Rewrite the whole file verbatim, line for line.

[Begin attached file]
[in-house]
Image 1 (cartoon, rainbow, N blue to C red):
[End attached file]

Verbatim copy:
[in-house]
Image 1 (cartoon, rainbow, N blue to C red):